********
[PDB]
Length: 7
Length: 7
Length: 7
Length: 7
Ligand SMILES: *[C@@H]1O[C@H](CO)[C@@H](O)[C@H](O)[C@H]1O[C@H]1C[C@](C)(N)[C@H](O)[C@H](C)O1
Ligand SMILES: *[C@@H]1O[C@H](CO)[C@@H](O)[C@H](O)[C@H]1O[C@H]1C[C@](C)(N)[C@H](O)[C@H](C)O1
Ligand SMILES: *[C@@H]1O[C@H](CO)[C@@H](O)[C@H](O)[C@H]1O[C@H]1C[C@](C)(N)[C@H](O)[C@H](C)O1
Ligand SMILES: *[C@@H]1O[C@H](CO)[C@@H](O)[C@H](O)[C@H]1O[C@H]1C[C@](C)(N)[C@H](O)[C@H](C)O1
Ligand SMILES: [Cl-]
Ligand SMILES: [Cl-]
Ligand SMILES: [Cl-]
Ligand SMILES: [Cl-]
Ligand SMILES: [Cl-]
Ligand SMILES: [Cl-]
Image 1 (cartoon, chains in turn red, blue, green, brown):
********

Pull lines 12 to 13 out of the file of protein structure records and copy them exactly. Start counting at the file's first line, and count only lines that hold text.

Ligand SMILES: [Cl-]
Ligand SMILES: [Cl-]